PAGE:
Dad calling gender-confused daughter a girl and not a boy constitutes ‘family violence,’ BC judge rules
VANCOUVER, British Columbia, April 25, 2019 (LifeSiteNews) — A Canadian judge found a father guilty of “family violence” for publicly and privately referring to his 14-year-old daughter — who identifies as a boy — as a girl.
British Columbia Supreme Court Justice Francesca Marzari also issued a yearlong restraining order forbidding the father from speaking publicly and to reporters about his legal action to stop his daughter, referred to in court documents as AB, receiving testosterone shots against his wishes, reported the The Federalist.
Marzari further forbade the father from referring to his daughter as a girl, either directly to her or to third parties, from using “her birth name,” and from “attempting to persuade” his daughter “to abandon treatment for gender dysphoria.”
The father’s “expressions of rejection of AB’s gender identity, both publicly and privately, constitutes family violence against AB,” she wrote in her April 15 ruling.
The father argued that he had a right as a parent to express what he believed to his daughter and “the world at large,” Marzari wrote.
But his “rights do not include harming his child.”
Marzari’s order is the latest blow against British Columbia father, referred in court documents as CD, in his legal battle to stop his troubled daughter’s transition. CD is separated from AB’s mother, and they share joint custody of the teenager.
Justice Gregory Bowden ruled in February that AB did not need her father’s consent to begin testosterone shots and that not affirming AB in her chosen gender was “family violence.”
AB has received “regular injections at British Columbia (BC) Children’s Hospital over the course of the last two months,” The Federalist reported.
CD appealed the decision and continued to refer to his daughter as a girl in media interviews, including telling The Federalist he does so “because she is a girl. Her DNA will not change through all these experiments that they do.” CD did likewise in interviews with Kari Simpson of the BC parents’ rights group Culture Guard.
As a result, AB’s lawyers — who notably include longtime “queer” activist Barbara Findlay — asked the court for a restraining order against CD, alleging his conduct was putting AB at risk.
As evidence against her father, AB recounted that during one visit, CD sat her down to watch a video about “Maxine” — a pseudonym publications use to refer to her — and she refused.
The teen also alleged her father “was unable to call AB by his chosen name or gender, and the visit ended prematurely and badly,” Marzari wrote.
For his part, AB’s father argued “others have pressured and co-opted” his daughter, so that “AB is not speaking for himself,” the judge wrote in her ruling.
“In defence of advancing his dispute with his child so publicly, he says that this is not a dispute with his child so much as with ‘activists’ that want to take away his parental rights.”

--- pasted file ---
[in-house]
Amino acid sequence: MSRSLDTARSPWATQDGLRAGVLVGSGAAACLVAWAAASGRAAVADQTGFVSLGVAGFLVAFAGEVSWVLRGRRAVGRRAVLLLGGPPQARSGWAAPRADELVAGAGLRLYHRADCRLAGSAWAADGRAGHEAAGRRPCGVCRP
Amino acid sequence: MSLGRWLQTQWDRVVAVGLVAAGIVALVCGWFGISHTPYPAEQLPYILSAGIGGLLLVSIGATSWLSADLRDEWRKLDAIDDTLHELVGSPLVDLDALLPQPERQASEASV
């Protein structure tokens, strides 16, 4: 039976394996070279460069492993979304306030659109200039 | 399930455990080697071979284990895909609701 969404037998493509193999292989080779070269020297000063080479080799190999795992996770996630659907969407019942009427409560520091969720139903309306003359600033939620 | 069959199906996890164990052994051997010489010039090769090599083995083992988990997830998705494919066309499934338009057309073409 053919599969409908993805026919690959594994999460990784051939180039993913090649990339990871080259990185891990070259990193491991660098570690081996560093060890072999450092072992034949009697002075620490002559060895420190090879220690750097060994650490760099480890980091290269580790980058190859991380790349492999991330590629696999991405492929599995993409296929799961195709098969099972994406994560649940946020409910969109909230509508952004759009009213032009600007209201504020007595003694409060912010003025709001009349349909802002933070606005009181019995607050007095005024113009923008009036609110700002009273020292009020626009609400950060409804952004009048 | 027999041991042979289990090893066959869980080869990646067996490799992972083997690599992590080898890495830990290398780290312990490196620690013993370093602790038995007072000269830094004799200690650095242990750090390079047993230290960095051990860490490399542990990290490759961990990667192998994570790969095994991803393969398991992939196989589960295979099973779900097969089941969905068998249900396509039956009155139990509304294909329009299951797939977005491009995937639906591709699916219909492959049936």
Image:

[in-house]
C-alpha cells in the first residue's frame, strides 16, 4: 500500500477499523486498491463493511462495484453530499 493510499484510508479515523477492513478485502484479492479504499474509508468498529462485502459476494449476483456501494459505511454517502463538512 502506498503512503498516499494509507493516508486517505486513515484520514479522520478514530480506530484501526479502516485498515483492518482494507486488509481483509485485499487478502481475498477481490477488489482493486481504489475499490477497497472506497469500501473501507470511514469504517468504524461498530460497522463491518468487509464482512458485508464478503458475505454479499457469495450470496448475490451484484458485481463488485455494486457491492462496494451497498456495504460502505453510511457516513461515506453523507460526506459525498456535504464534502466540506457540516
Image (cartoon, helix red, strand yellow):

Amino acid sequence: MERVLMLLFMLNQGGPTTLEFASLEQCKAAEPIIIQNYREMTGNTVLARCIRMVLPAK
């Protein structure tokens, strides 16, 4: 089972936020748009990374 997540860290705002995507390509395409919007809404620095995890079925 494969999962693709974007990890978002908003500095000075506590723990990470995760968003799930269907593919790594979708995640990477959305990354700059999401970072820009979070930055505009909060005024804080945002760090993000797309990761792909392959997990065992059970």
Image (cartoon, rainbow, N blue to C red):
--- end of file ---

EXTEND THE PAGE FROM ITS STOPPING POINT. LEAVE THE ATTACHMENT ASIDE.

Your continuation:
According to documents of the earlier case, AB has been troubled since her parents separated in 2013. She “suffers from depression and has attempted suicide at least four times,” and went through a “lesbian stage” in Grade 7.
CD described his daughter as “very vulnerable” in a February article in The Federalist. He believes she lacks the “mental capacity and emotional maturity” to make the decision to have testosterone treatments, which have some irreversible effects.
When AB claimed to be transgender at age 13, school staff sent her and her mother, without her father’s knowledge, to transgender activist psychologist Dr. Wallace Wong, who recommended she begin hormone therapy.
CD has since filed a complaint against Wong to the College of Psychologists of British Columbia, alleging Wong unethically and unprofessionally led his child to seek a transition.
Marzari rejected CD’s activist argument as not supported by evidence and cited Justice Bowden’s earlier finding that AB was competent to consent to medical treatment.
CD’s lawyers also argued his Federalist and Culture Guard interviews were “hearsay,” and that he had no intent to violate the ban on revealing his daughter’s identity.
Marzari ruled CD did not disavow what was reported in those sources and they were “reliable enough” for the purposes of deciding the issue.
“However, I am not concerned with the truth of what CD has said in those interviews, but with the words having been said at all,” she wrote.
The father “does not accept this court’s previous determination that referring to AB with female pronouns or otherwise denying his gender identity is causing AB harm,” Mazari observed.
CD’s behaviour “both before and after the determinations made by this Court indicate that he is likely to continue to engage in conduct that constitutes family violence against AB,” she wrote.
That would include “conduct already determined to be family violence by this court, and the publication and sharing of deeply private information that is harmful to AB.”
Hence, the need for the restraining order.
As well as forbidden from referring to his daughter as a girl, CD cannot “directly, or indirectly through an agent or third party, publish or share information or documentation relating to AB’s sex, gender identity, sexual orientation, mental or physical health, medical status or therapies” except with lawyers and medical personnel involved in the case.
Culture Guard’s Simpson blasted Marzari as an “activist” judge and the ruling as a violation of CD’s free speech and parental rights.
American Conservative writer Rod Dreher called the ruling “horrifying.”
“(I)f you think this isn’t ultimately going to be tried in the U.S., you’re dreaming,” he warned.
CD’s appeal of Bowden’s ruling will be heard May 14, The Federalist reported.
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